Zoonoses: Possible legal implications for veterinarians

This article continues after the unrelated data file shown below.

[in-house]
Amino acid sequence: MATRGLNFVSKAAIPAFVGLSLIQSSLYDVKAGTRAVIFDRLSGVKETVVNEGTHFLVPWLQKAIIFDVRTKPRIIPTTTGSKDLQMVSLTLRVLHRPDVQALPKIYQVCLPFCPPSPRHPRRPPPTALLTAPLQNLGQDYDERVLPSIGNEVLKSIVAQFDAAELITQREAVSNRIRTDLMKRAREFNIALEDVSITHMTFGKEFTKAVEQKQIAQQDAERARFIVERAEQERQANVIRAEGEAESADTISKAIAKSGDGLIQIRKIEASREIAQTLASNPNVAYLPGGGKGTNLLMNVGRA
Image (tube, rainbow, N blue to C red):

Due to the potential severity of human diseases associated with zoonotic parasite infection, there are a number of scenarios where veterinarians could be tangled up in legal action. If a child or other family member becomes infected, veterinarians could face disciplinary action or litigation for failing to diagnose the parasitic disease in the pet, or simply neglecting to recommend parasite preventive measures. Even if parasitic infection is diagnosed in a pet, a veterinarian could still be at risk for failing to advise clients to talk to their physician about possible zoonotic parasite transmission. The best way to protect patients, clients, and your practice is to have a proactive parasite program in place. Start by educating the staff and clients about the risks of zoonotic parasites and the importance of prevention and treatment. Veterinarians should make a point to note client discussions about zoonotic parasites in medical records. It’s also important to record when clients decline fecal tests, diagnostic testing, parasite preventives, or treatment (better yet, keep forms on hand and ask for client signatures to verify their choices). With any pets that pose a risk for zoonotic parasite transmission, pet owners should be advised to seek the care of their physicians. In the spirit of OneHealth, veterinarians should be willing to discuss the situation with the physician, as needed.